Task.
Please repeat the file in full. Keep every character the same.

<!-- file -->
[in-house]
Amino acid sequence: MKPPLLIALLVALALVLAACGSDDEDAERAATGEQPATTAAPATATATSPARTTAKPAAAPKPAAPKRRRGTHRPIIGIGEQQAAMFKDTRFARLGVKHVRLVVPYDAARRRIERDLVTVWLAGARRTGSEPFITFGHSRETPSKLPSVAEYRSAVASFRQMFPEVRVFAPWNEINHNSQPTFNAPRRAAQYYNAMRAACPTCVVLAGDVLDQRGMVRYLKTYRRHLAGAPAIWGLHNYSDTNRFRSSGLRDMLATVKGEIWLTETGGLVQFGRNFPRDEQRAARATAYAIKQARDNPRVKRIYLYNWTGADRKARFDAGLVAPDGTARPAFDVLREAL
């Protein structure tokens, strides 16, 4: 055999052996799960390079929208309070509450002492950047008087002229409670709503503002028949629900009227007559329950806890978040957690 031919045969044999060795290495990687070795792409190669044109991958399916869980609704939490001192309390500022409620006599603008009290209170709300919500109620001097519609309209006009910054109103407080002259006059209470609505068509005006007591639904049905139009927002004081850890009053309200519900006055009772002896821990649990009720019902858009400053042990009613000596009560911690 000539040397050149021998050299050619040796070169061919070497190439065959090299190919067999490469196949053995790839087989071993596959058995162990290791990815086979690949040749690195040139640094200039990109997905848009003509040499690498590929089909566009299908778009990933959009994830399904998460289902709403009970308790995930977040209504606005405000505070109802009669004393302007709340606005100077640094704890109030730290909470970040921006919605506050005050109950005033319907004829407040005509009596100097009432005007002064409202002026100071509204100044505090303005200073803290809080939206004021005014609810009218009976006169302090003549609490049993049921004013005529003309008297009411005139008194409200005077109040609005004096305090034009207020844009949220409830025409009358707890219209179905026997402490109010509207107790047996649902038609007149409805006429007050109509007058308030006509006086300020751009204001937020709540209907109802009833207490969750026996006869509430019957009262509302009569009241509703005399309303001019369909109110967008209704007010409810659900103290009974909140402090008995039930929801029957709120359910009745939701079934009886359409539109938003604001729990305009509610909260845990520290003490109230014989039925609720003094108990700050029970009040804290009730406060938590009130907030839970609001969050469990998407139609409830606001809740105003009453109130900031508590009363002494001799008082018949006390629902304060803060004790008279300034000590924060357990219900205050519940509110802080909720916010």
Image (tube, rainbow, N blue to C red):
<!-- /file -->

[in-house]
Amino acid sequence: MKPPLLIALLVALALVLAACGSDDEDAERAATGEQPATTAAPATATATSPARTTAKPAAAPKPAAPKRRRGTHRPIIGIGEQQAAMFKDTRFARLGVKHVRLVVPYDAARRRIERDLVTVWLAGARRTGSEPFITFGHSRETPSKLPSVAEYRSAVASFRQMFPEVRVFAPWNEINHNSQPTFNAPRRAAQYYNAMRAACPTCVVLAGDVLDQRGMVRYLKTYRRHLAGAPAIWGLHNYSDTNRFRSSGLRDMLATVKGEIWLTETGGLVQFGRNFPRDEQRAARATAYAIKQARDNPRVKRIYLYNWTGADRKARFDAGLVAPDGTARPAFDVLREAL
């Protein structure tokens, strides 16, 4: 055999052996799960390079929208309070509450002492950047008087002229409670709503503002028949629900009227007559329950806890978040957690 031919045969044999060795290495990687070795792409190669044109991958399916869980609704939490001192309390500022409620006599603008009290209170709300919500109620001097519609309209006009910054109103407080002259006059209470609505068509005006007591639904049905139009927002004081850890009053309200519900006055009772002896821990649990009720019902858009400053042990009613000596009560911690 000539040397050149021998050299050619040796070169061919070497190439065959090299190919067999490469196949053995790839087989071993596959058995162990290791990815086979690949040749690195040139640094200039990109997905848009003509040499690498590929089909566009299908778009990933959009994830399904998460289902709403009970308790995930977040209504606005405000505070109802009669004393302007709340606005100077640094704890109030730290909470970040921006919605506050005050109950005033319907004829407040005509009596100097009432005007002064409202002026100071509204100044505090303005200073803290809080939206004021005014609810009218009976006169302090003549609490049993049921004013005529003309008297009411005139008194409200005077109040609005004096305090034009207020844009949220409830025409009358707890219209179905026997402490109010509207107790047996649902038609007149409805006429007050109509007058308030006509006086300020751009204001937020709540209907109802009833207490969750026996006869509430019957009262509302009569009241509703005399309303001019369909109110967008209704007010409810659900103290009974909140402090008995039930929801029957709120359910009745939701079934009886359409539109938003604001729990305009509610909260845990520290003490109230014989039925609720003094108990700050029970009040804290009730406060938590009130907030839970609001969050469990998407139609409830606001809740105003009453109130900031508590009363002494001799008082018949006390629902304060803060004790008279300034000590924060357990219900205050519940509110802080909720916010």
Image (tube, rainbow, N blue to C red):